The time is now



Many moons ago, when I was a wee 20 something traveling to Europe for the first time, I tasted what I consider to be my first tomato. I was at a rooftop restaurant on the isle of Santorini in Greece, a perfect setting for my romance with tomatoes to begin. This gorgeous specimen was far from the mealy, anemic cousin ever present in the supermarkets of the 80’s. No, this was more akin to steak. Juicy and meaty. Served with a creamy slab of feta and grassy olive oil, it was a revelation. Never did I taste another tomato like that until I started growing my own. In fact, tomatoes are the entire reason I got into gardening in the first place. It’s a gateway vegetable.

Of course, a lot has changed in the offering of quality produce. But, even the finest farmer’s markets can’t beat what you can grow on your own.  There’s just something about a fresh picked tomato grown by your own hand. If you’re not currently gardening, just try one or two in a sunny location in your yard or containers if you don’t have garden space. Here in Southern California, we can start transplanting tomatoes in early April and continue through the end of May.  So get on it people. You’ve got 3 weeks left.

A few things to keep in mind:

  • Find a spot that gets 6-8 hours of sunlight minimum. They are heat seekers.
  • Enrich your soil with lots of yummy worm castings, compost, or organic fertilizer. They are heavy feeders. Fertilize every few weeks during the growing season. I side dress with compost. In the past I alternated between fish emulsion and liquid seaweed and that worked well too.
  • When planting a young tomato transplant, it is important to remove the branches on the lower part of the main stem and bury up to 80% of the plant. All the fine little hairs you see on the main stem will turn into roots and create a stronger healthier plant.
  • After digging out a deep hole to bury 80% of the plant (so important I’m saying it twice) mix a handful of worm castings, compost or other organic fertilizer in to the soil you’ve removed. (This will be backfilled around the plant shortly)
  • Sprinkle a two-finger pinch of mycorrhizal powder into the hole so that when you place the plant in, the roots will be touching the powder. This has all kinds of amazing benefits to both your roots and the soil itself. It’s not absolutely necessary but I highly recommend it.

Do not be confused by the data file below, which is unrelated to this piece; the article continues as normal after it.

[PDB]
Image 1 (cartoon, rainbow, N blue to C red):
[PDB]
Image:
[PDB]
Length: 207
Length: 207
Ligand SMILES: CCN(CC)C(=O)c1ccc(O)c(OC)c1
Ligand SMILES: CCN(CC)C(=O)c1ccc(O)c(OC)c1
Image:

• Backfill the hole with the soil/compost combo and lightly tamp around the plant.
  • Stake the plant or use a tomato cage so that you can fasten the main branch on the stake as it grows taller. Keeping the plant off the ground keeps it away from pests and increases airflow to keep down invasive diseases.
  • Water in.
  • As the plant grows, prune the suckers. After a branch grows off the main stem, little branches will appear in the “armpit” between the offshoot branch and the main branch. Pinch these off as the plant grows. There is a lot of conversation about this in the gardening world as to whether it is necessary. I try to go the route of least extra work so tried not pruning last year. I had a tomato jungle which was awesome because it did produce mountains of fruit. But they were less flavorful and I was battling diseases all summer since there was decreased airflow. So, I’m committed to pruning now.

There’s nothing to it but to do it.



  1. A woman after my own heart. My first steps into the Grow Your Own world were due to my love of tomatoes and a memory of my Italian grandad perched on his stool at the end of his greenhouse glorying in his scented vines! I once heard someone say, the best things in life are love and home-grown tomatoes. I have never looked back!
    In the west of Ireland where you can’t trust a summer, my red fruited beauties are grown undercover in a polytunnel. Temperatures inside may be akin to your backyard and thus my plants get super thirsty. A tip I have picked up over the years is to upend a litre plastic bottle with the bottom cut off, and bury into the soil alongside the transplant. As the vine matures you can water/feed into the bottle to get it direct to the roots .

    • Yes, indeed. Tomatoes are like Brits on a pub crawl. They do get thirsty. I love the upended bottle idea. It’s both effective and waterwise which is important here in drought territory. As the garden grew over the years, I installed a drip irrigation system to ensure consistent deep root watering and that has worked well. It was little work figuring out how to do it but I love it especially in the summer where a heat wave can take out plants if you’re not on top of watering. I’ll post about that soon. Send me pics of your poly tunnel. I want to do that next winter to extend some crops.